Mark did not even know that she ran a bed and breakfast and having to face upto unexpected guests as well as the rituals involved in the Indian culture following a death was a little hard for him to follow. Getting more and more involved in the personal lives and calamities of the guests was something he never envisaged and he does not know how to get out of it and go back to the peaceful life he led before.

Finding out that even total strangers can be connected to one another seems very strange, and when it seems that some of it connects back to him it is even more difficult to logically explain. Going with the flow Mark discovers a part of him that was hitherto unknown!

Sent to me by Netgalley for an unbiased review, by Celestial Eye Press this was a very unusual read.


Saturday, December 8, 2018

The Duke's Agent by Rebecca Jenkins



I needed a change of pace from the thrillers and murder mysteries that I had heaped on my Kindle. Then I ended with this.

Set in 1811 in the town of Woolbridge Jarrett is looking for some peace and quiet and to act as the Agent for the Duke of Penrith. He has returned from a turbulent period of service and expects the countryside to be peaceful and kind to him. Anything but. Uncovering a network of crimes and being made to be the scapegoat for a murder on a property nearby, kept in jail by the local Magistrate is not what was expected in this very countryside area.

One death follows another and this time around the people want blood. It is upto him to clear his name and also sort out the mess that is apparent alive and kicking in this sleepy town.

A Regency era mystery this was not lacking in gore and violence! A very nice change from modern mystery murders though.

Sent to me by Netgalley for an unbiased review, courtesy of Sapere Books.

Thursday, December 6, 2018

In the Company of Like-Minded Women by Elaine Russell



1901 Colorado. It was a very tough time for women. Unlike previously, women were more aware of the advantages of having the vote, of being independent, of owning your own property. Everyone did not want to be subservient to the whims and fancies of their husbands. Three sisters finding their way in different paths.

One recently widowed, a fully qualified medical doctor not being recognised as a caring doctor and getting short shrift from male colleagues. Trying to make ends meet and look after her two children at the same time. Mildred who was a kind soul, now grumpy and almost following their mother's rigid, hateful attitudes and then the youngest who has fallen in love and whose union is being frowned on and even denied just because her mother wants someone to sit with her whilst she gets old.

A chance visit to a sister's home with an idea of being a change and to recuperate after an illness gives the sisters the opening and the chance to breathe again and take a decision about their lives.
That Mildred changes is the biggest happiness in this book even more than the younger one's success in finding love!

Set amongst the fight for universal suffrage, a women's movement that was courageous and strong and a bid for independence for women made this a very interesting read.

Sent to me by Netgalley for an unbiased review, courtesy of Belle Histoires.

Tuesday, December 4, 2018

Master of His Fate by Barbara Taylor Bradford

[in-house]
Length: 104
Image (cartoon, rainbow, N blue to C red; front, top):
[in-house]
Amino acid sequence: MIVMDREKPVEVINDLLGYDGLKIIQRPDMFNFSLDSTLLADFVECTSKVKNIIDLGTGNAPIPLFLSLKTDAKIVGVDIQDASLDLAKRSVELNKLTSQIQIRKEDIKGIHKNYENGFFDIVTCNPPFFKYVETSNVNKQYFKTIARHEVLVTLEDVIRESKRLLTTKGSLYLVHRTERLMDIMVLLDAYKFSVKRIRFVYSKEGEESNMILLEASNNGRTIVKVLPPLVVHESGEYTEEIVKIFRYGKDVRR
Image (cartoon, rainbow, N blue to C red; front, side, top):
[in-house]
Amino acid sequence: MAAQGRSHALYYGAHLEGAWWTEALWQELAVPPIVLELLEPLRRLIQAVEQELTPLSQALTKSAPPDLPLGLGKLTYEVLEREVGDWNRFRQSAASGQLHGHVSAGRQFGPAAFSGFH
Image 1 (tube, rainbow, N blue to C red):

Two parallel stories that intermingle at the end beautifully.

James is young, street smart, working on a market stall with his father. He is far thinking and with the entire support of his clan who sees the potential in him from the very beginning, he is groomed for much bigger things. Proving himself to both his Uncle and his family his world begins to involve the aristocracy and the world they live in.

On the other side we have Alexis, a very different young woman to the women of her age. She has a strong business acumen, is her father's heir and has sworn off marriage. Meeting Sebastian, the father of her friend and being bowled over by him despite the age difference, Alexis is blissfully happy until the untimely and savage unexpected death of Sebastian blows her world away.

How the two stories come together is the story of this book. At times too simplistic, it is however something that we all like to read and enjoy - a happy ending despite villains, treachery, back stabbing, thievery, ungrateful relations. Great read.

Sent to me by Netgalley for an unbiased review, courtesy of St. Martin's Press.

Sunday, December 2, 2018

The Spitfire Girl by Fenella J. Miller




Set just before the outbreak of WWII, with a rural background a spirited Ellie is definitely not a run of the mill girl of the times. With hardly any education, an indifferent cold mother, a father cowed down by too many quarrels at home, Ellie is able to carve herself a niche in the world she loves.

Flying a plane, tutoring others how to fly is not an occupation commonly found even today but Ellie tries to balance it all with a mother who is always sniping at her, trying her best to make a lady out of Ellie. When the disgruntled woman leaves her home without a word to any of her children, Ellie is able to be free and be happy. So is her father.  However,  with the outbreak of the war they know that their flying school has only got a limited time before its activities are stopped.

At the same time, a chance encounter with Jack brings another dimension to all their lives and another is added when a break in reveals that they have been hiding a letter which is detrimental to many in the top echelons in their country, including Ellie's grandfather.  Revealing that he is a fascist is not going to be good for any of them and Ellie worries for her brother's futures if the matter comes to light.

Taking us through the outbreak of WWII and Ellie joining the WAAF first as a radar officer and then going on to aviation, the field she loves is this story along with a simple love story which is very typical of Ellie herself.

Very pleasant reading. \

Sent to me by Netgalley for an unbiased review, courtesy of